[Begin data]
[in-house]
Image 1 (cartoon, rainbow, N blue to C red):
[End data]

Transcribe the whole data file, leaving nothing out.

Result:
[in-house]
Image 1 (cartoon, rainbow, N blue to C red):